ADHD is a medical disorder for which there is very strong scientific evidence. It has three recognized subtypes, predominantly Hyperactive, predominantly Inattentive, and Combined, each of which looks a little different. Kids whose ADHD is predominantly Hyperactive-Impulsive, show mostly hyperactive and impulsive symptoms, i.e., they seem to fidget nonstop, they have a hard time playing quietly, and they don't seem to think before they act. Those with predominantly Inattentive ADHD show more inattentive symptoms, i.e., they don't seem to listen, they often seem to be daydreaming, and they have trouble organizing tasks. The third group, with Combined ADHD, shows both types of symptoms.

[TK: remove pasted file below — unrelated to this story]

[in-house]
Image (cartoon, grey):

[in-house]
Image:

Interestingly, children with ADHD (regardless of subtype) can sustain attention when they find something in the environment of interest, for example a video game or movie, or a building project. The problem comes in controlling their attention; that is, directing and maintaining it when the object itself does not have properties that maintain the child's interest.

Researchers have a fair idea about at least some of what goes wrong in the brain of a child suffering from ADHD. A brain circuit is affected that involves structures near the center of the brain called the basal ganglia, and part of the prefrontal cortex—the front part of the outer covering of the brain. Brain imaging studies show that these structures are smaller and less active in ADHD sufferers than in non-ADHD control participants (i.e., Giedd et al., 1996; Zametkin et al., 1990). We also know that there are particular problems in the way these brain structures use dopamine, one of the chemicals that nerve cells in the brain use to communicate with one another and that play a crucial role in the basal ganglia and prefrontal cortex.